Two Treatises of Government and A Letter Concerning Toleration
Two of Locke’s most mature and influential political writings and three brilliant interpretive essays combined in an outstanding volume
"The new standard edition of Locke for students of political theory. Dunn, Grant, and Shapiro combine authoritative historical scholarship and contemporary political theory to give us Locke for our time."—Elisabeth H. Ellis, Texas A&M University
Among the most influential writings in the history of Western political thought, John Locke’s Two Treatises of Government and A Letter Concerning Toleration remain vital to political debates today, more than three centuries after they were written. The complete texts appear in this volume, accompanied by interpretive essays by three prominent Locke scholars. Ian Shapiro’s introduction places Locke’s political writings in historical and biographical context. John Dunn explores both the intellectual context in which Locke wrote the Two Treatises of Government and A Letter Concerning Toleration and the major interpretive controversies surrounding their meaning. Ruth Grant offers a comprehensive discussion of Locke’s views on women and the family, and Shapiro contributes an essay on the democratic elements of Locke’s political theory. Taken together, the texts and essays in this volume offer invaluable insights into the history of ideas and the enduring influence of Locke’s political thought.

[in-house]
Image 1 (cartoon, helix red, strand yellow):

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Moreover, commingling earthly religious authority with political absolutism creates the danger that civil authority will try to tyrannize over the soul, ...
... let the laws by which they are constituted and are to govern, and the conditions under which they enter upon their authority, be what they will; ...
And this authority of parents he calls “royal authority,” p. I 2, I4, “ fatherly authority, right of fatherhood,” p. I2, 20. One would have thought he would ...
8, and by a victory over him establishes his fatherly authority beyond any question. Bellarrnine being routed by his own confession, p.
Let us then endeavour to find what account he gives us of this fatherly authority, as it lies scattered in the several parts of his writin gs.